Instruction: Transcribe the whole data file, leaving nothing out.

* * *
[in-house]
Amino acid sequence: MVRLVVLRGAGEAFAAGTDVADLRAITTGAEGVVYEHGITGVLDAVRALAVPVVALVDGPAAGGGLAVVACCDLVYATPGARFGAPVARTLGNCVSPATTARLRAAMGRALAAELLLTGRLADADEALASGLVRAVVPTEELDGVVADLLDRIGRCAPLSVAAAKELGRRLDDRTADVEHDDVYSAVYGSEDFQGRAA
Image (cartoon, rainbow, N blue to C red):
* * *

[in-house]
Amino acid sequence: MVRLVVLRGAGEAFAAGTDVADLRAITTGAEGVVYEHGITGVLDAVRALAVPVVALVDGPAAGGGLAVVACCDLVYATPGARFGAPVARTLGNCVSPATTARLRAAMGRALAAELLLTGRLADADEALASGLVRAVVPTEELDGVVADLLDRIGRCAPLSVAAAKELGRRLDDRTADVEHDDVYSAVYGSEDFQGRAA
Image (cartoon, rainbow, N blue to C red):